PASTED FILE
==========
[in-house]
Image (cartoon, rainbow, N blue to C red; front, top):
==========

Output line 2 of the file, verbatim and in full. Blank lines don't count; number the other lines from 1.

Image (cartoon, rainbow, N blue to C red; front, top):